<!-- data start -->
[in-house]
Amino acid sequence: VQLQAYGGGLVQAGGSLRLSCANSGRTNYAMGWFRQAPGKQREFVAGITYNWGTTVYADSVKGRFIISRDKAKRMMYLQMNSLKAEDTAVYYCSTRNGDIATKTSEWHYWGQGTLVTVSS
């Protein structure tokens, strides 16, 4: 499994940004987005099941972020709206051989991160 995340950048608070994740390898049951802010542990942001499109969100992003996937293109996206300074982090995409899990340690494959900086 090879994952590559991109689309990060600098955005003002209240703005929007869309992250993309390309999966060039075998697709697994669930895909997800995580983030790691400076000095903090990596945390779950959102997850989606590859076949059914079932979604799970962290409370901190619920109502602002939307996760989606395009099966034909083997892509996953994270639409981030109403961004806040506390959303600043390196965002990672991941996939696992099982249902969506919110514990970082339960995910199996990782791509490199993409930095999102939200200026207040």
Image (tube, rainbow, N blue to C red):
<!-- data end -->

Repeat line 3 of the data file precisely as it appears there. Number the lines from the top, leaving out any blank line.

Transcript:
């Protein structure tokens, strides 16, 4: 499994940004987005099941972020709206051989991160 995340950048608070994740390898049951802010542990942001499109969100992003996937293109996206300074982090995409899990340690494959900086 090879994952590559991109689309990060600098955005003002209240703005929007869309992250993309390309999966060039075998697709697994669930895909997800995580983030790691400076000095903090990596945390779950959102997850989606590859076949059914079932979604799970962290409370901190619920109502602002939307996760989606395009099966034909083997892509996953994270639409981030109403961004806040506390959303600043390196965002990672991941996939696992099982249902969506919110514990970082339960995910199996990782791509490199993409930095999102939200200026207040």